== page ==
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When Should Sports Franchises Retire A Jersey Number?

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Having a team retire a player’s jersey number is an honor every sports franchise thinks long and hard about before doing; even if it’s just to make sure they are doing it at the right time. For every team in every sport, the judgement of if or when to retire any player’s jersey number falls upon them. There are no preset standards from league to league, and fans are rarely asked for their opinion on the matter. So, my question is simple: when should franchises retire a jersey number?

The honor of having a jersey number retired by a franchise is an interesting topic among New York baseball fans. One team in town, the Yankees, has so many jerseys retired, the joke is they will need to start giving out triple digit Pinstripe tops soon. The other team in town, the Mets, has acted more like a little league team who needs to give out the same uniforms every year and can’t afford to take any number out of circulation.

The New York Mets retired Jerry Koosman’s jersey number 36 this past weekend over four decades after the lefty starter played for the franchise and a half century after he was part of the Miracle Mets who won the 1969 World Series championship.  The #36 is the fifth number in Mets history to be retired, but only the third wore by a player, with the other two belonging to managers.  Koosman joins Tom Seaver and Mike Piazza as the only players to have their number retired and becomes the first player not to be in the Baseball Hall of Fame to receive the honor from the team.

The Mets have long been criticized by older fans for using the threshold of being enshrined in the Hall of Fame as the standard for having their jersey number retired by the team.  Others have said that haphazard way the New York Yankees bestow the honor of retiring a player’s jersey number goes too far in the other direction, leaving baseball fans to wonder where the middle ground is.

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The ultimate question about a player’s importance to a team is if the emotional meaning or the statistical production will be used as the larger factor.  Clearly when a team like the Mets has Tom Seaver, who was called “The Franchise,” the emotions and the stats are in sync and there’s no debate what a team should do with his jersey number.  Many are expecting and almost demanding that recently retired third baseman David Wright will have his #5 jersey forever removed by circulation by the Mets after his career was cut short by injury.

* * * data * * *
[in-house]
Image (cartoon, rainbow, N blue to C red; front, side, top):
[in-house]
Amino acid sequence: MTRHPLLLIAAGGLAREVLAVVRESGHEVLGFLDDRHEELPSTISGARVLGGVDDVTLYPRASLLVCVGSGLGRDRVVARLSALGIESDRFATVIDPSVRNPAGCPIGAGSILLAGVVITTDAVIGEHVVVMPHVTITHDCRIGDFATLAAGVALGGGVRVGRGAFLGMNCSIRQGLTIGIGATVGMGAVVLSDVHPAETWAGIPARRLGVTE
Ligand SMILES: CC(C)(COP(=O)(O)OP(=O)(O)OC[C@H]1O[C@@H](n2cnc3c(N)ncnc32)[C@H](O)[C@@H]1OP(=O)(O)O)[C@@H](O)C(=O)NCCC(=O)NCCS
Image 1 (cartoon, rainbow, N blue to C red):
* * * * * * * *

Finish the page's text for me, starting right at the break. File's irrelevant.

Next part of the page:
Where the Mets have complex decisions are with players like Darryl Strawberry and Dwight “Doc” Gooden.  Both players had very successful runs with the franchise, each winning the 1986 World Series with the Mets, with each also facing demons with the team and during their careers.  Strawberry left the team in free agency before dealing with alcohol problems that he has recently overcome, while Gooden was addicted to drugs while it was still with the team and has had continuing substance abuse issues in his retirement.  Why this all matters to me is simple: Are you going to disregard a player’s character when retiring their jersey number and only look at what they did on the field?  Or are we looking at the person who wore the jersey and not just the player?  Because if you are going to include character, then the New York Giants need to un-retire #56 for Lawrence Taylor since his issues are on par with what Strawberry and Gooden did in their careers. 

For my money, whenever giving an honor that will outlive a person, the standards should be higher than, how many home runs or sacks they had as an athlete.  At the end of the day, however, every franchise deserves the right to make their own decisions about every player who takes the field for them.  I just hope that the New York Mets and every other sports franchise understand what the honor of retiring a jersey number means and how embarrassing it would be to revoke that honor if called upon by the same fans clamoring to have that number retired in the first place.

 


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TooAthletic Takes is the News division of TooAthletic. Launched in 2019, TooAthletic Takes is a source for all your sports takes. TooAthletic Takes will make you laugh, cry, get mad, and even call us “idiots.” We strive to give our readers another viewpoint on any sports situation, and we look forward to disagreements with the hopes that it leads to healthy discussions and debates.

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